The Air Force asked service members for feedback on racial injustice. The response was overwhelming
When the U.S. Air Force introduced a new survey earlier this month that asked airmen to describe racial injustice or bias they'd witnessed or experienced during their careers, leaders figured they'd get a lot of feedback — but they didn't expect that thousands would come forward with stories
Editor’s note: This article by Oriana Pawlyk originally appeared on Military.com, a leading source of news for the military and veteran community
When the U.S. Air Force introduced a new survey earlier this month that asked airmen to describe racial injustice or bias they'd witnessed or experienced during their careers, leaders figured they'd get a lot of feedback.
But they didn't expect that thousands would come forward with stories.
Now, the survey — part of a larger intraservice study — is on track to shatter response rate records, according to the Air Force's top general.
“I can tell you right now that the response has been overwhelming,” Air Force Chief of Staff Goldfein said in a July 22 interview with Military.com. “Literally thousands and thousands of airmen have responded to this survey and participated.”
Goldfein said the response is timely; the service is addressing racial disparities across the force as the entire nation grapples with the realities of systemic racism and injustice.
“There's a lot of frustration — a lot of it's been pent up over many years,” Goldfein said. “And we're not going to wait until the end [of the study] before we put out what we're hearing.”
Related: 'Every American should be outraged' at police conduct in the death of George Floyd, Air Force's top officer says
Last month, the Air Force Inspector General launched an independent review into the service's history of racial inequities in military punishment and shortfalls in developmental opportunities given to African American service members.
Officials also asked what airmen were feeling amid nationwide protests following the May 25 death of George Floyd in police custody, as well as how these events affected them personally.
Airman Mason Bassett-Graves, an A-10 Warthog crew chief at Osan Air Base, South Korea, recently sat down in front of a camera to talk about how vulnerable, frustrated and scared he felt after he learned his two sisters were attacked during a protest back home in Nebraska.
A car struck them twice during what started as a peaceful demonstration, he said. Both of Bassett-Graves' sisters sustained injuries, but recovered; days later, at another protest, he said, one of his sisters was thrown to the ground by law enforcement officers and detained.
Bassett-Graves “didn't know what to think,” when he learned of the incidents, he said in the nearly four-minute video. But he turned to his chain of command to discuss what was going on in his personal life. Two commanders listened to his story, he said, and knew he needed to see a chaplain or counselor to “get the weight off my shoulders.”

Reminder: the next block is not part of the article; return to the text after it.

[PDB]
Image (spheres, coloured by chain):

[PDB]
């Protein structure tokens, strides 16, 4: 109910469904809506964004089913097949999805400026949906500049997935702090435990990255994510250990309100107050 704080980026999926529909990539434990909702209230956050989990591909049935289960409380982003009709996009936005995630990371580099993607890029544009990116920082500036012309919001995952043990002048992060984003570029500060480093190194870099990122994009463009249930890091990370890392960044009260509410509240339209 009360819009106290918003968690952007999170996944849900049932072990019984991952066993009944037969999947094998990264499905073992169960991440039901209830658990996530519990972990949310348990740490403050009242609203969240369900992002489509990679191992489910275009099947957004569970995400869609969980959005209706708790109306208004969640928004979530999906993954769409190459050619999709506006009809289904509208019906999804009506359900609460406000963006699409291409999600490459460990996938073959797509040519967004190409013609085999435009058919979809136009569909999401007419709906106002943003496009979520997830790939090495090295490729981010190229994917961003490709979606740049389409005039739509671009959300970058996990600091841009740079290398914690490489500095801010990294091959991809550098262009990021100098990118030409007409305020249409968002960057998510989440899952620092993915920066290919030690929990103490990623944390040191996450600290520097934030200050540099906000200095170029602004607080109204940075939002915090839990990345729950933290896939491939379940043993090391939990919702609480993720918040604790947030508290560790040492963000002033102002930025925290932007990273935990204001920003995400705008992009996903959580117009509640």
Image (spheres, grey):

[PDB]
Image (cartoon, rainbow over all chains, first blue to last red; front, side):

“Every time I think about it, I am thankful for that reaction, because if it were anything different, I don't know how I would have been open to my leadership in the future,” Bassett-Graves said.
The airman's story, posted July 20, is one of many that Chief Master Sergeant of the Air Force Kaleth O. Wright and other Air Force leaders have shared on their official public social pages as part of a series called “Dialogue on Race” begun following Floyd's death.
“Our intent, really, is to have an important, lasting, meaningful dialogue,” Goldfein said. “Whether that happens in the media spaces or not, that's not really our overall intent.”
Goldfein said the goal is to have uninterrupted, “raw and uncomfortable” discussions. He said he hopes those initial conversations seed even more communication among airmen and their leaders.
“What's important is that there's a forum for this conversation to happen, as uncomfortable as it may be,” he said. “That's what we're trying to get after. Diversity is important; so is inclusiveness and belonging.”
That culture is formed “at the squadron level,” Goldfein said.
The outgoing chief described the squadron as “the beating heart of the Air Force,” and the lowest level of command where airmen should feel comfortable pushing and discussing their ideas.
“How do we build that? How do we ensure that? How do we measure that? Those are all the things that we're getting after,” he said.
Alongside Wright, who was the first member of senior military leadership to speak out publicly on events surrounding deaths of black men at the hands of law enforcement, Goldfein he's working to ensure these issues “have staying power” in the Air Force.
The conversations come at a historic moment, internally, for the service. Gen. Charles “CQ” Brown, who will succeed Goldfein, was confirmed last month in a historic Senate vote as the first African American to serve as the top uniformed officer for a military service branch. And Chief Master Sergeant JoAnne Bass — appointed as the first woman to serve as the top-ranking enlisted member of a U.S. military branch — will be Brown's senior enlisted adviser.
“This is for all of our airmen of color, it's for the women in our Air Force. It's to [uproot] unconscious bias. It's all those things that we know exist.
“We know we have to get after it, and that's the opportunity we've been given,” Goldfein said.
He is set to retire Aug. 6.
This article originally appeared on Military.com
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